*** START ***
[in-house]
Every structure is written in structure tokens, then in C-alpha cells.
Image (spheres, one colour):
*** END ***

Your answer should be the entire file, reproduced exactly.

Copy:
[in-house]
Every structure is written in structure tokens, then in C-alpha cells.
Image (spheres, one colour):